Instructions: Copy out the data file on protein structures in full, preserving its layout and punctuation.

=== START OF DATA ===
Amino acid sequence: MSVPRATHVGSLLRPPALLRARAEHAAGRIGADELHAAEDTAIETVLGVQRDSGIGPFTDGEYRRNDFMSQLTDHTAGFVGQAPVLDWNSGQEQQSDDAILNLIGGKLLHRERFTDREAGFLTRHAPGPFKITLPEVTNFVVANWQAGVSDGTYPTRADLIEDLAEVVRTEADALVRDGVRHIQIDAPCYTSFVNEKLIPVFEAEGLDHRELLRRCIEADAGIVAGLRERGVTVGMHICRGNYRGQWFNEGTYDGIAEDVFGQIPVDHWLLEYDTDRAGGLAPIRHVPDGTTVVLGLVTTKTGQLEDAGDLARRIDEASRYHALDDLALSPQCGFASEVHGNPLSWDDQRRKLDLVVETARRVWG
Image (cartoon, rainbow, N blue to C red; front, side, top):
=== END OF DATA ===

Amino acid sequence: MSVPRATHVGSLLRPPALLRARAEHAAGRIGADELHAAEDTAIETVLGVQRDSGIGPFTDGEYRRNDFMSQLTDHTAGFVGQAPVLDWNSGQEQQSDDAILNLIGGKLLHRERFTDREAGFLTRHAPGPFKITLPEVTNFVVANWQAGVSDGTYPTRADLIEDLAEVVRTEADALVRDGVRHIQIDAPCYTSFVNEKLIPVFEAEGLDHRELLRRCIEADAGIVAGLRERGVTVGMHICRGNYRGQWFNEGTYDGIAEDVFGQIPVDHWLLEYDTDRAGGLAPIRHVPDGTTVVLGLVTTKTGQLEDAGDLARRIDEASRYHALDDLALSPQCGFASEVHGNPLSWDDQRRKLDLVVETARRVWG
Image (cartoon, rainbow, N blue to C red; front, side, top):